A teacher-training program with an emphasis on inspiring students—not teaching content—is getting a huge investment.
T. Denny Sanford, a banking entrepreneur and philanthropist, has donated $28 million to the private, nonprofit National University System in support of three education initiatives: Sanford Harmony, Sanford Inspire, and the Sanford Institute of Philanthropy.
Sanford Inspire is the professional development program, which was developed by the Mary Lou Fulton Teachers College at Arizona State University in 2008. Sanford’s vision is to improve student outcomes through improving teaching.
“Teachers are taught to teach subjects, as opposed to inspiring students,” Sanford told Education Week Teacher.
When Sanford delivers speeches to large crowds, he will survey the audience by asking who had more than one or two teachers in the first nine years of their schooling who were truly inspiring. “It’s lucky if I get 5 percent of hands going up,” he said. But “the people going into education ... their goal is really to help civilization.”
Sanford Inspire seeks to bridge that gap. There are currently more than 60 training modules available for any teacher to access, free of charge, and new ones are created on a regular basis. The program targets both preservice and current teachers, and has impacted about 25,000 educators total so far.
The modules, which typically take less than hour to complete, fit into themes of the learning environment (“Addressing Bullying Behavior” and “Creating Classroom Rules”), preparing and facilitating instruction (“Delivering Effective Feedback” and “Design a Problem-Based Learning Experience”), student motivation (“Giving Effective Praise”), student growth and achievement (“Assessing Students During Cooperative Learning”), and professional practices (“Coping With Teacher Stress” and “Working Against Racial Bias”).
Jamie Manburg, the director of Sanford Inspire, said the modules help fill a void that’s often found in teacher preparation programs—which is that they may focus too much on the theoretical, and not enough on the practical. Sanford Inspire seeks to give teachers practical tools that can help them motivate students and encourage them to succeed.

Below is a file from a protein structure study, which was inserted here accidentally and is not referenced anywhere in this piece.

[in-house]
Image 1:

Fourteen higher education institutions share and integrate the Sanford Inspire content, with their PK-12 partner school districts. Manburg said he hopes that collaborative will expand to 20 institutions by the end of the year, but teachers at any school of education or school district can access the content.
“It’s such a dynamic and changing environment out there,” said Michael Cunningham, the chancellor of National University System, which houses Sanford Inspire and works to disseminate the program on a national scale. “There’s nothing like that first day in the classroom when you’re confronted with different issues that come up. [Teachers] say, ‘Holy smoke, how do I handle that?’ [There are specific classroom-management techniques] that many inspirational teachers already know—a lot of teachers don’t have that.”
The other initiative, Sanford Harmony, is for boys and girls in pre-K through middle school to learn how to build relationships and better understand each other. The goal of the program is to lower the divorce rate in the country. The program is in place in 2,700 schools right now, including in New York City, Los Angeles, Clark County, Nev., and the Chicago area.
The $28 million donation is for the initiatives’ expansion and distribution across the country over the next three years. The Sanford Harmony program will be expanded to other languages, for example, and has recently launched a social-emotional learning app for any teacher to download and access materials like whole-class discussion topics, peer activities, and real-life, problem-solving scenarios.
Sanford Inspire is also undergoing two research studies, Manburg said. One is an overall assessment of the program, while the other is a case study of an as-yet-unnamed college of education working with a K-12 school district. Manburg hopes to have results from that case study by the end of the year.
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A version of this news article first appeared in the Teaching Now blog.